OKLAHOMA CITY — Gov. Kevin Stitt on Thursday signed a measure that reorganizes the Oklahoma Supreme Court and Court of Criminal Appeals.
He called it judicial reform and vowed that additional measures would be forthcoming.
House Bill 2366 redraws the judicial boundaries of the state’s high court.
Instead of being based on counties, five of the nine districts would be based on the five congressional districts. The remaining four would be at large.
The measure also redraws the five districts for the Court of Criminal Appeals, making them follow congressional districts rather than being based on counties.
“This is a big day for Oklahoma,” Stitt said. “Judicial reform is something that they have been trying for a long time. And, I believe Oklahomans elected me to come reform all of state government, to think about things differently, to do things differently and not just do things the same way they have been done since 1907 or 1960.”
He said the measure will give rural Oklahoma residents more of a chance to serve on the court.
Sen. Julie Daniels, R-Bartlesville, is the Senate author of the measure. She said it would expand the pool of applicants for the posts and give more people the opportunity to serve.
House Majority Floor Leader Jon Echols, R-Oklahoma City, said the measure was years in the making, adding that it was just the beginning of judicial reform.
Stitt was asked about a recent Oklahoma Supreme Court case which tossed out the legislatively imposed cap of $350,000 for damages for pain and suffering, called noneconomic damages. The Oklahoma Supreme Court said it was an unconstitutional special law.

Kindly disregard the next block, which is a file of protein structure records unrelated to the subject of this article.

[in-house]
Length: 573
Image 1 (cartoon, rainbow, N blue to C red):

The legislation was part of a tort reform effort that was successfully challenged in court.
“I don’t like it,” Stitt said of the ruling in response to a question, adding that he questioned the timing of the ruling.
House Bill 2366 passed the Senate on April 17. The ruling was issued on Tuesday.
Stitt said the timing of the ruling was a “head scratcher.”
Senate Minority Floor Leader Kay Floyd, D-Oklahoma City, opposed House Bill 2366, saying lawmakers should wait until after the results of the 2020 census to rework judicial boundaries.
Various courts have tossed out numerous pieces of legislation that were passed by lawmakers who were aware the measures would be challenged in court and the state would lose, she said.
“I’ve got a list of 24 cases that span from about 2008 to 2014 of cases that were overturned by the courts, and it wasn’t just the Oklahoma Supreme Court,” Floyd said. “It was district courts in Oklahoma. It was the Tenth Circuit (federal appeals court in Denver). We had two cases end up in the United States Supreme Court. So this isn’t just the Supreme Court of Oklahoma trying to punish the Legislature.”